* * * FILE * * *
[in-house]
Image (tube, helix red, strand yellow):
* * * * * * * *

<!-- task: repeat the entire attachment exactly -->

[in-house]
Image (tube, helix red, strand yellow):